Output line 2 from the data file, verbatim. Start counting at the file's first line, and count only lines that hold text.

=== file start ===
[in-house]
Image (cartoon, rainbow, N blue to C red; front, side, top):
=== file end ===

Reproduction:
Image (cartoon, rainbow, N blue to C red; front, side, top):